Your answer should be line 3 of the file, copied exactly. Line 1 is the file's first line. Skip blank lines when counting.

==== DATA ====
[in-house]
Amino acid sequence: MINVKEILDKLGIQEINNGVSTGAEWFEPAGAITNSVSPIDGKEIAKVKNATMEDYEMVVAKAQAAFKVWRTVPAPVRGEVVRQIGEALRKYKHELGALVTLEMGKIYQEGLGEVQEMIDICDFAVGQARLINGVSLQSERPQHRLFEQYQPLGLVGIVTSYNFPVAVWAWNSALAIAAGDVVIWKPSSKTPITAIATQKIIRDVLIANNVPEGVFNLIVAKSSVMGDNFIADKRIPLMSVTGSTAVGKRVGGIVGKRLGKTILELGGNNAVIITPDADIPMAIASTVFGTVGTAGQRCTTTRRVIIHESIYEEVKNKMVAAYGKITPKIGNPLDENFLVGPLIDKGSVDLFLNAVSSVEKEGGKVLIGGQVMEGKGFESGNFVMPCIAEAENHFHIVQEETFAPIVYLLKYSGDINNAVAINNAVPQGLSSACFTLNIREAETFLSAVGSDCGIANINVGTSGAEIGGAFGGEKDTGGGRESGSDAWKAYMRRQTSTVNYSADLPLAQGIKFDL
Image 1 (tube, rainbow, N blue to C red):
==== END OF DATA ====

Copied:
Image 1 (tube, rainbow, N blue to C red):